M&A activity has remained strong in 2018. According to PitchBook, in the first half of the year U.S. private equity investors completed 2,247 deals that totaled a combined 263.9B in value, marking a 2% increase in volume and a 6% decrease in value compared to 1H 2017. The median buyout size is up 31% compared to last year, suggesting that the decrease in overall deal value reflects a lack of mega deals rather than a softening of valuations.
Overall, global M&A deal value rose by 64% compared to the first half of 2017, according to data from Thomson Reuters, although volume declined by roughly 10%. In the U.S., total deal value was up 79% but volume declined by 14%. This is largely due to a big increase in corporate acquisitions valued at $5B or higher, as private equity transactions only represented 8-10% of global M&A.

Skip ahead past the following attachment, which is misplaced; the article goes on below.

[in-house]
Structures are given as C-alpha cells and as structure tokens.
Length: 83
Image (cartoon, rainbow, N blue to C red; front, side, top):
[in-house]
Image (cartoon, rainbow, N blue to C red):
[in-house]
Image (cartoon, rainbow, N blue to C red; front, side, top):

A few key trends suggest this white hot deal market is sustainable. First, corporations and private equity firms continue to sit on incredible levels of cash - private equity alone had amassed $1.8 trillion of dry powder by early 2018, according to a McKinsey report from earlier this year. Private equity firms also set new fundraising records in 2017, and although fundraising is down considerably thus far in 2018 there is no reason to believe PE firms will do anything but continue to invest at their current pace.
Finally, baby boomers dominate the ranks of business owners. Numerous sources estimate that baby boomers own between 59% and 67% of privately held companies in the United States, suggesting that several million companies will change ownership in the next 10-15 years. Further, a recent survey on business owner demographics reported that 32% of small business owners plan to sell their business in the next two years.
When you pair an abundance of sellers with cash-rich, deal-hungry investors, deals are bound to happen.